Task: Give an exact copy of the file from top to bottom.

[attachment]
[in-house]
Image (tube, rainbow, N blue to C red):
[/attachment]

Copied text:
[in-house]
Image (tube, rainbow, N blue to C red):